Literacy Narrative Part 1
I began my reading career feeling inferior to those around me. In Kindergarten all of my friends–at least it felt like–were reading at a third grade level, while I lagged behind. I remember walking past the bookshelves in our low ceiling classroom looking for books I knew would be at my level. One day I looked over a classmate’s shoulder and saw the inside of a book named “Drip, Drap, Drop” and realized that its limited use of text and plentiful illustrations would be just right for my reading level. However, when I saw this book on the shelf, I didn’t pick it up for fear of anyone seeing that I couldn’t read anything harder than a picture book. I stepped towards the “reading level 2” section of the bookshelf instead, and without much deliberation picked up “Amelia Bedelia,” a favorite of all the advanced readers. I sat down on the red plastic surface of my padded naptime mat and set the book next to me. Sitting two mats over to my right I could see Cassandra, my “best-friend” and idol, reading the same book, and a contented grin came over my face. The teachers dimmed the overhead lights so I settled into my position, my back against a bookshelf filled with wooden blocks. I opened to the first page and looked around at the images. I knew that advanced readers would take longer to read texts, so I counted in my head until an appropriate amount of time had passed to make it look like I was actually reading.
From a young age I compared myself to those around me and concealed my insufficiencies, rather than working to improve them. I was too embarrassed to admit that I wasn’t a good reader so I kept my lack of ability a secret to everyone around me. In first grade when we started keeping mandatory reading journals, I would embellish the amount of reading I had actually done, which I did not keep secret from my mom when I would ask her to sign the log. She merely sighed and she scribbled her name, realizing all those years of reading to me every night hadn’t promoted a love of reading within me. This animosity towards reading carried on through my first years in high school, and I defined myself as a slow reader, and avoided the activity when I could.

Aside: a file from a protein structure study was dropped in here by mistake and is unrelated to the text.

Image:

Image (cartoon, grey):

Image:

Despite my dislike of reading, I always loved creative writing. “Free-writing” was when I could unleash my inner dialogue onto a page. When my sixth grade humanities teacher introduced our “Two Minute Mystery” assignment, I was immediately enthralled with the project. We had simultaneously started reading Agatha Christie novels, and for the first time I was consumed by a reading assignment. I read several more novels that month and by the time it came to writing the mystery vernacular was ingrained in me. To this day, I still consider my short mystery as one of my best pieces of writing. Nevertheless, the short time we spent writing wasn’t enough to make me become an active reader, and just a few months after we moved on to a new unit in humanities, I stopped reading Agatha Christie.
Excluding the Hunger Game series, the next time I picked up a book for the sole purpose of reading and enjoying it, was at Mountain School in the spring of my Junior year. I had never before been surrounded by so many people my age who loved reading for fun, even in their busy lives, and I was inspired to finally get back into reading after a long hiatus. Since then I have continued to read, though my spare time has been limited, and have come to find that I’m not such a bad reader after all.
Left: My Image, taken by my father Kent Wallgren, c. 2006 (Kindergarten)
Right: My Image, taken by my father Kent Wallgren, c. 2007 (First Grade)